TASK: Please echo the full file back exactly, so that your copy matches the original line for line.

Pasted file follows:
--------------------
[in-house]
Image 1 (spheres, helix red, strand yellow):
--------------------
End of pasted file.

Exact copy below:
[in-house]
Image 1 (spheres, helix red, strand yellow):